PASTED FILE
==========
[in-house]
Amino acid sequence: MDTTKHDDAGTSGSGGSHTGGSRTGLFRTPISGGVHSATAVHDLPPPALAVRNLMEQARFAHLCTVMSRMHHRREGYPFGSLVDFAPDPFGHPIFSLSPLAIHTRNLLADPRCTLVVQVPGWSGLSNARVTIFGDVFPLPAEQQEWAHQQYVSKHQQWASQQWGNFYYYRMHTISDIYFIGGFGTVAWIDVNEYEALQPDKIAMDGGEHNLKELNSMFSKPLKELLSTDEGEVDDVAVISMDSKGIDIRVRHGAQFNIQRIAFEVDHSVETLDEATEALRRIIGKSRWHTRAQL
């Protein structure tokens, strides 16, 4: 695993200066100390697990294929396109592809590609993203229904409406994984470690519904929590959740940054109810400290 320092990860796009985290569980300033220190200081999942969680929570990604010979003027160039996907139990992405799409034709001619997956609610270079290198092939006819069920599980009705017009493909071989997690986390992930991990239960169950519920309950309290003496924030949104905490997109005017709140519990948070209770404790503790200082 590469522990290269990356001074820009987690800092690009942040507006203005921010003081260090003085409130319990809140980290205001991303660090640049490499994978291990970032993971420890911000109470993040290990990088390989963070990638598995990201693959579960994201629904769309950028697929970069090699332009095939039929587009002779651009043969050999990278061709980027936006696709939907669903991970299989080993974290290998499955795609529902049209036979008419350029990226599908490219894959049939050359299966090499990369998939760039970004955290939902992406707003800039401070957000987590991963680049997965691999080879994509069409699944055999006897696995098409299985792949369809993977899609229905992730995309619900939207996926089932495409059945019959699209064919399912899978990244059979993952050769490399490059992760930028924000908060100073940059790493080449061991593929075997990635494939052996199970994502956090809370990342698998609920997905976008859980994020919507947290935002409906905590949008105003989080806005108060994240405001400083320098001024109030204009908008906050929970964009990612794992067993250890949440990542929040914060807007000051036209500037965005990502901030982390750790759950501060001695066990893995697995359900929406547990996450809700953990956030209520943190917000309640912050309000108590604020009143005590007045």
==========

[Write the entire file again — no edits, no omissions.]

[in-house]
Amino acid sequence: MDTTKHDDAGTSGSGGSHTGGSRTGLFRTPISGGVHSATAVHDLPPPALAVRNLMEQARFAHLCTVMSRMHHRREGYPFGSLVDFAPDPFGHPIFSLSPLAIHTRNLLADPRCTLVVQVPGWSGLSNARVTIFGDVFPLPAEQQEWAHQQYVSKHQQWASQQWGNFYYYRMHTISDIYFIGGFGTVAWIDVNEYEALQPDKIAMDGGEHNLKELNSMFSKPLKELLSTDEGEVDDVAVISMDSKGIDIRVRHGAQFNIQRIAFEVDHSVETLDEATEALRRIIGKSRWHTRAQL
């Protein structure tokens, strides 16, 4: 695993200066100390697990294929396109592809590609993203229904409406994984470690519904929590959740940054109810400290 320092990860796009985290569980300033220190200081999942969680929570990604010979003027160039996907139990992405799409034709001619997956609610270079290198092939006819069920599980009705017009493909071989997690986390992930991990239960169950519920309950309290003496924030949104905490997109005017709140519990948070209770404790503790200082 590469522990290269990356001074820009987690800092690009942040507006203005921010003081260090003085409130319990809140980290205001991303660090640049490499994978291990970032993971420890911000109470993040290990990088390989963070990638598995990201693959579960994201629904769309950028697929970069090699332009095939039929587009002779651009043969050999990278061709980027936006696709939907669903991970299989080993974290290998499955795609529902049209036979008419350029990226599908490219894959049939050359299966090499990369998939760039970004955290939902992406707003800039401070957000987590991963680049997965691999080879994509069409699944055999006897696995098409299985792949369809993977899609229905992730995309619900939207996926089932495409059945019959699209064919399912899978990244059979993952050769490399490059992760930028924000908060100073940059790493080449061991593929075997990635494939052996199970994502956090809370990342698998609920997905976008859980994020919507947290935002409906905590949008105003989080806005108060994240405001400083320098001024109030204009908008906050929970964009990612794992067993250890949440990542929040914060807007000051036209500037965005990502901030982390750790759950501060001695066990893995697995359900929406547990996450809700953990956030209520943190917000309640912050309000108590604020009143005590007045």